Eminent Domain FAQ

View Eminent Domain/Condemnation FAQ
Eminent Domain FAQs about Eminent Domain Condemnation Law.

A) The Valuation Standard

When property is taken under the power of eminent domain, the property owner is entitled to “just compensation” at its “highest and best use”. This is the fair market value of the acquired property taking into account all its reasonable development potential irrespective of whether the property is being used for that purpose.

In re Town of Islip [Mascioli], 49 N.Y.2d 354, 426 N.Y.S.2d 220 (1980); Keator v. State, 23 N.Y.2d 337, 296 N.Y.S.2d 767 (1968).

Highest and best use consists of four elements which are a combination of physical practicality, legality, feasibility and valuation:

  1. "[Physical Practicality] Physically possible, based upon topography, land area and site configuration;
  2. [Legally Possible] Legally permissible, in compliance with zoning, deed restrictions or other constraints;
  3. [Feasibility] Economically feasible and fulfilling an identifiable demand in the market, and
  4. [Valuation] Maximally productive thus, resulting in the highest present land value.”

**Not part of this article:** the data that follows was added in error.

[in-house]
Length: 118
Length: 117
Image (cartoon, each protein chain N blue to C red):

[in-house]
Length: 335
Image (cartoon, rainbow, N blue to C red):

B) Highest and Best Use is not “As Is” Valuation

Highest and best use is not “as is”. It is the value of the property taking into account all the potentialities of the property, including the likelihood of obtaining approvals for rezoning, variances or special exception to realize the full development potential under the highest and best use.

The technical elements of highest and best use overlap somewhat. For example, the “practicality” and “feasibility” aspects – certainly in common usage (see Webster’s Third New International Dictionary, 1993 Ed.) and even in their technical appraisal definition. Appraisal of Real Estate, 12th Ed., pps.313-314.

That the literal zoning or building regulations may not permit a certain use, or the extent of a permitted use without a variance or special exception, does not preclude imputing value to the market potential of obtaining approval of that use. An appraiser (and the Court) in determining just compensation may rely on (and adjust accordingly) comparables for valuation of that potential use recognizing the enhancement for the probability of obtaining approval of that enhancement. In re Town of Islip, supra. See also, Matter of City of New York [Jomar Real Estate Corp.], 94 A.D.2d 724, 462 N.Y.S.2d 260 (2d Dept. 1983), aff’d, 61 N.Y.2d 843, 473 N.Y.S.2d 963 (1984). See also, Matter of City of New York [Rudnick], 25 N.Y.2d 146, 303 N.Y.S.2d 47 (1969).